If not cyclin destruction, what makes mitotic exit irreversible? When we repeated the above experiment, but continued Cdh1(m11) induction and inactivated APCcdc16-123 only after 60 minutes, Clb2 did not re-accumulate and over half of the cells subsequently completed cytokinesis and entered G1 (Fig. 2a). This suggests that after longer times of Clb2 destruction mitotic exit becomes irreversible. Western blotting revealed that around the time when Clb2 loss turned irreversible, the Cdk inhibitor Sic1 accumulated4,5. We therefore asked whether Sic1 accumulation was responsible for the irreversibility of mitotic exit. When we repeated the above experiment using a sic1Δ strain, Clb2 re-appeared after APCcdc16-123 inactivation and only a minority of cells proceeded to cytokinesis (Fig. 2a). In the absence of Sic1, mitotic exit remained reversible even after prolonged Clb2 destruction for 90 minutes (Supplementary Fig. 5). Sic1 is part of a double-negative feedback loop in which Cdk downregulation allows the Cdc14 phosphatase to dephosphorylate Sic1, as well as its transcription factor Swi5, to increase expression and stability of the Cdk inhibitor5,9. As Clb2 positively regulates its own synthesis18,19, Clb2 inhibition by Sic1 may be required to prevent Clb2 re-synthesis.
The above suggests that mitotic exit remained reversible up to 50 minutes because the Sic1 feedback loop had not yet been sufficiently activated. Consistent with this possibility, dephosphorylation-dependent translocation of Swi5 from the cytoplasm to the nucleus, indicative of Swi5 activation during mitotic exit5,20, was inefficient under these conditions (Fig. 2b). Likewise, the levels of Sic1 that became detectable remained below those observed in cells undergoing mitotic exit after release from the metaphase block by re-induction of Cdc20 (Fig. 2c). If irreversibility of mitotic exit is due to activation of the Sic1-dependent feedback loop, irreversibility should be advanced by increasing Cdc14 phosphatase activity, or by directly enhancing Sic1 levels. As predicted, ectopic expression of either Cdc14, or of a version of Sic1 that is stable in the presence of high Cdk activity due to mutation of 3 Cdk phosphorylation sites21, Sic1(m3), made Clb2 destruction irreversible under conditions that otherwise permit Clb2 re-synthesis (Fig. 3a). This confirms that activation of the Sic1-dependent feedback loop limits the irreversibility of mitotic exit.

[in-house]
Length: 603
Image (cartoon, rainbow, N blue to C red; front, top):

It has been shown that mammalian mitotic exit can be driven in the absence of cyclin proteolysis by chemical inhibition of Cdk activity. After short, but not after longer times of Cdk inhibition, mitotic exit remained reversible3. We repeated these experiments in budding yeast cells carrying the ATP analog (1NM-PP1)-sensitive Cdk allele cdc28-as1 (ref. 22). As in mammalian cells, we observed reversible mitotic exit events, exemplified by dephosphorylation of the Cdk substrate Orc6 (ref. 23), after transient Cdk inhibition for 10 minutes. After 50 minutes of inhibitor treatment, Orc6 dephosphorylation turned irreversible. Irreversibility again correlated with, and depended on, accumulation of Sic1 (Figure 3b). This suggests that feedback loop activation is responsible, and that cyclin destruction is not required, for irreversible mitotic exit. In the presence of cyclin destruction, a shorter period of Cdk inhibition was sufficient to render mammalian mitotic exit irreversible3. While this was taken to demonstrate a requirement for cyclin destruction, we suggest that activation of a feedback loop correlated with cyclin destruction that made mitotic exit irreversible.